Students at Carter’s Kids Playground Build And Ribbon-Cutting Ceremony on April 11, 2019 in Inglewood, California. (Photo by Araya Diaz/Getty Images for Carter’s Kids)
Arkansas is one of the top states where families struggle most to access quality child care, according to an Annie E. Casey Foundation report released Wednesday.
From 2020 to 2021, nearly 15% of Arkansas children from birth to 5 years old lived in families in which someone quit, changed or refused a job because of child care problems. Arkansas’ rate is among the five worst in the country.
The annual KIDS COUNT Data Book analyzes data from 16 indicators in four domains — family and community, economic well-being, education and health — and ranks states in overall child well-being. Arkansas earned an overall ranking of 43rd for the second year.
Arkansas Advocates for Children and Families, a member of the KIDS COUNT network, provided a preview of the report last week. Executive director Keesa Smith said reviewing this data annually is important because it’s critical to make policy decisions from an informed place.
“While I know that there are still hurdles that we are trying to get over as a state because of the impact of the pandemic, I think this data will show that we still have a long way to go in improving the lives of our children,” Smith said.
Arkansas’ child care challenges reflect a national trend of a lack of affordable and accessible child care that often causes parents to miss work or quit jobs, negatively affecting the workforce and the economy.
The country’s infant-toddler child care crisis costs $122 billion in lost earnings, productivity and revenue annually, according to a ReadyNation report released in February. That’s more than double the cost reported in 2018.
President Joe Biden signed an executive order in April aimed at finding ways to make child care more affordable and accessible.
These national reports are supported by the findings of the Arkansas Commission on the Status of Women, which issued its first report in nearly 50 years in 2022. The challenge of finding quality care underlies many other challenges facing women in Arkansas because the burden of child care largely falls to women, chair Alison Williams said in December.
“COVID-19 exacerbated long-standing challenges, especially for those women in rural communities who may have already had difficulty accessing quality child care due to the clustering of child care in more heavily populated areas, transportation challenges or availability for second and third shift workers,” Williams said.
Arkansas’ 22% child poverty rate…makes it clear that our families cannot afford to pay higher child care costs, nor can child care workers, who are often mothers themselves, afford to make less than they already do.”
– Olivia Gardner, AACF education policy director
Although the annual KIDS COUNT report doesn’t typically look at child care, education policy director Olivia Gardner said it’s a crucial area of focus for Arkansas Advocates for Children and Families because half of Arkansas’ kids are in nonparental care for at least 10 hours a week. Many will spend as much as 11,500 hours in child care and pre-K, and early childhood educators play an important role in shaping children’s brains, Gardner said.
“Programs are struggling between the need to pay for the wages worthy of brain-building educators, while knowing all too well that Arkansas families are really struggling to pay for child care at the current market rates,” she said.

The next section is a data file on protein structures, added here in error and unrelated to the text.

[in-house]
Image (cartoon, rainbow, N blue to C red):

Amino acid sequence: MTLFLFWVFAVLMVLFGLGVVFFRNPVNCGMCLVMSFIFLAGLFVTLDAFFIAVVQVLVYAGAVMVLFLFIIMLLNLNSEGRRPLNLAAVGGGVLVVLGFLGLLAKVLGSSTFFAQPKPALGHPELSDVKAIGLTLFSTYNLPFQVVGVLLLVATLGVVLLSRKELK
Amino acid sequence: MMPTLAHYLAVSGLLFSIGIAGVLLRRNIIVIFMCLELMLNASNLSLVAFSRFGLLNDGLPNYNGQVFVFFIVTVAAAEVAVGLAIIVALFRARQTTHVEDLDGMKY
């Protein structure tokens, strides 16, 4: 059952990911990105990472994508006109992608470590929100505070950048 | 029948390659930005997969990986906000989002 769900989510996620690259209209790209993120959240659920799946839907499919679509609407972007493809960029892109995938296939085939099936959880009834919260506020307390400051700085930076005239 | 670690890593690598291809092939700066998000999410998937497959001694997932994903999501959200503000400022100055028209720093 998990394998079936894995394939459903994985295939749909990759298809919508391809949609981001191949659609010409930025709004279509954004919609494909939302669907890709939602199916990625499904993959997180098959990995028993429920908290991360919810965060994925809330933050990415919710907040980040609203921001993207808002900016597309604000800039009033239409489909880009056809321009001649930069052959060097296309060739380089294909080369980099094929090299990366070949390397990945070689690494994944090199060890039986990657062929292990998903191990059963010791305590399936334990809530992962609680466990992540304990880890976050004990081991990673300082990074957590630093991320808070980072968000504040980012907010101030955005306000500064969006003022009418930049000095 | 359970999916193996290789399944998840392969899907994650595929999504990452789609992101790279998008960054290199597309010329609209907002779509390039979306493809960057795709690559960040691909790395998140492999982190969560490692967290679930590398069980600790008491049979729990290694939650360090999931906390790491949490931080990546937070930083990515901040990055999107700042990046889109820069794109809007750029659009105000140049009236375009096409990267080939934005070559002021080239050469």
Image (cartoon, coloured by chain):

The hourly median wage for early childhood educators in Arkansas was $12.36 an hour, according to the report. Additionally, 50% of early childhood educators struggled to pay for basic necessities, and low wages contribute to a higher level of turnover in the field, Gardner said.
“It’s especially difficult to balance the budget of a child care center or a program when caring for infants and toddlers, and that’s because the costs are just higher for programs to care for younger children,” she said. “And so this contributes to why we’re seeing a lack of options for families.”
The annual price of center-based toddler care in Arkansas was about $6,800 in 2021 while family child care cost around $5,400, Gardner said. The U.S. Department of Health and Human Services recommends child care not exceed 7% of a household’s budget, but most middle-income families are paying substantially more, she said.
However, Gardner said availability and accessibility are greater problems than affordability.
“Even though other states have much higher costs, Arkansas families are still struggling just as much to find child care, and that discrepancy highlights the need for increased availability and accessibility in Arkansas while still trying to keep costs affordable for parents,” she said.
Quality can also be an issue for parents if there’s not a place they feel comfortable leaving their child. Meeting minimum licensing standards, which target health and safety practices, doesn’t ensure quality components that are tied more closely to learning standards, Gardner said.
This is another example of how the quality of early childhood education is compromised by low teacher compensation, she said.
“Without state investment in child care programs, the solution for the number of spots available is left to child care businesses, which are then forced to either burden families with higher costs or to underpay their childcare workers,” Gardner said. “And Arkansas’ 22% child poverty rate…makes it clear that our families cannot afford to pay higher child care costs, nor can child care workers, who are often mothers themselves, afford to make less than they already do.”